: Isaac Arnon
Springer Science & Business Media
: 59.30 MB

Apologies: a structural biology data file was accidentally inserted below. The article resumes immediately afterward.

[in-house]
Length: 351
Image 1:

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Agricultural research was probably the first and is the most widespread form of organised research in the world, and one in which both the most developed and underdeveloped countries are engaged. Whilst most forms of research activity, such as in the field of medicine, have world wide application, agricultural research, by its very nature, has to be regional; practically no research finding can be adopted without studying the results of its application under the infinite number of ecological situations with which the farmers of the world are faced. The improvement of agricultural production is the essential first step whereby developing countries can hope to raise their standard of living. Research is therefore an activity in which no underdeveloped country can afford not to engage; nor can countries in which agriculture has reached a high level of development and sophistication afford to neglect agricultural research. It is not because of inertia or vested interests that highly industrialised countries maintain, mostly at public expense, a costly and complex infrastructure for agricultural research. Even when problems of overproduction weigh heavily on the economy, agricultural research is considered the essential key to further progress: the objectives and goals are simply changed and adapted to the needs of the economy.